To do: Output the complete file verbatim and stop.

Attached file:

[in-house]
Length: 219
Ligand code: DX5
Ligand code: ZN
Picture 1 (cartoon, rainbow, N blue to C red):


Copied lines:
[in-house]
Length: 219
Ligand code: DX5
Ligand code: ZN
Picture 1 (cartoon, rainbow, N blue to C red):